• When the picture is uploaded to your computer it’s file format effects sharpness. RAW, the native file formate for your camera, is created as a file without sharpening. The *.jpg file format is highly processed in the camera. It is sharpened as part of the processing. So *.jpg files may look sharper than RAW files on screen. The solution is to make sure you apply some sharpening to RAW files as the last action of any post-processing you do.
How to Take Sharper Pictures
By way of consolidating the above here is a video discussing the above points with examples…
(More after the video)
Beyond the basics
Sharpness is about continuous improvement. Here are some more ideas to extend your skills…
8. Stance and the anti-roll “bar”:
Many self-made photographers don’t recognise the importance of stance. Holding the camera steady is part of a “whole-body” effort. You should create a stable platform to comfortably hold your camera to ensure a steady camera position. The way you hold your arms, the way you breath and other factors affect your focusing and the amount of camera movement.
In addition to poor stance an additional unintentional movement causes softness. Some photographers click the shutter button then “roll” the camera away from their face prematurely. Doing the “roll” will induce movement in the camera – often before the shutter has closed. The solution is the “anti-roll bar” – you must “bar” yourself from doing the roll.
Learn more about stance and the “anti-roll bar” in this article: Simple tips for a good stance.
9. Test shots
Today we have the digital freedom to take as many shots as we wish without paying for film developing. To improve your sharpness spend time making sure your shot is going to be sharp. Do test shots to familiarise yourself with the scene and to practice for ‘the’ shot. You can find out more here: How to take a test shot.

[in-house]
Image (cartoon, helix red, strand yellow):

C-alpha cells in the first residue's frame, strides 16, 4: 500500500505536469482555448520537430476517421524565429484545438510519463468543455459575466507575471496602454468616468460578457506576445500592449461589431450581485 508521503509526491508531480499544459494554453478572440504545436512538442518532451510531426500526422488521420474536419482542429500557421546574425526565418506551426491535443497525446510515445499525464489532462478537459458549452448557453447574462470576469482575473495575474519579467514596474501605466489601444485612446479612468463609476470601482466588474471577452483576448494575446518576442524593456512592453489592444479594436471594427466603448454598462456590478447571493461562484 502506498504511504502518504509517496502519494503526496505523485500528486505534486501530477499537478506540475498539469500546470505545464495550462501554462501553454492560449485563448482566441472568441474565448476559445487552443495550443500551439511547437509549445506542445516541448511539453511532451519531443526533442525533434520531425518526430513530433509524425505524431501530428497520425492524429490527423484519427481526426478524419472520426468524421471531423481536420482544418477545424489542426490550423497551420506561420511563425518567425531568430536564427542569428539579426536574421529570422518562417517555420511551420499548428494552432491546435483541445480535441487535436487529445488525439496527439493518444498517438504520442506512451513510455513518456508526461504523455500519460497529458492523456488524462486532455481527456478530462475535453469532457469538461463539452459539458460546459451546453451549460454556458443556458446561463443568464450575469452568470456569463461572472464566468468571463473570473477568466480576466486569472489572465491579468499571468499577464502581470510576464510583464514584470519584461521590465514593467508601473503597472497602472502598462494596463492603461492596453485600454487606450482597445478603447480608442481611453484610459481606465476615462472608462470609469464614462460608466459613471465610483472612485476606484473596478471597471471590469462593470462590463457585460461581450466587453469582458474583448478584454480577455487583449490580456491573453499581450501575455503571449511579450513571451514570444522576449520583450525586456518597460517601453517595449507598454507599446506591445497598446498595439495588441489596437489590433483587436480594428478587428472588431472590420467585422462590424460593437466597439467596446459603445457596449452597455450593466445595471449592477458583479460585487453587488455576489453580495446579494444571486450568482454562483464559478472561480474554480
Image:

10. Viewing the image at 100%
When you upload your image files they are not sized to 100% on screen. They are presented much smaller so you can see the whole picture. Photographers often don’t look at their pictures in full size. What is not obvious is that when pictures are resized on screen they are sharpened. If you are not aware of this you might be disappointed when you print the image. It will not be as sharp as it could be because you never looked at it in full size. If you are aware of how sharp you have made your image (at 100%) it will help you to develop your skills. You can find out more about viewing at 100% here: The benefits of 100% viewing.
11. Use a tripod
The vast majority of shots can be taken from a tripod. Using one is undoubtedly the single most effective sharpening technique. You can find out more about using a tripod here…
Three Tips for Pin Sharp Shots with a Tripod
The Third Most Important Piece of Kit
12. Practice, practice, practice
Knowing all these things is different to actually being able to put them into practice. Making your pictures sharp is about doing all of the above. Then, reviewing your own achievement after each shot. You must practice all these regularly and consistently in order to succeed in producing the sharp images you want.